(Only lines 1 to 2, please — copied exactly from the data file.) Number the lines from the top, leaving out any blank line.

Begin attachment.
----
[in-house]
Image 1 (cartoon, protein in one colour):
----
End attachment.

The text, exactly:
[in-house]
Image 1 (cartoon, protein in one colour):